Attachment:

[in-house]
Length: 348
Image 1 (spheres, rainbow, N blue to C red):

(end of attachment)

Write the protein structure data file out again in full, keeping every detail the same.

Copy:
[in-house]
Length: 348
Image 1 (spheres, rainbow, N blue to C red):